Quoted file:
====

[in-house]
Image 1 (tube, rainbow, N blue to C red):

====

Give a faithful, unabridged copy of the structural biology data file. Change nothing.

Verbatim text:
[in-house]
Image 1 (tube, rainbow, N blue to C red):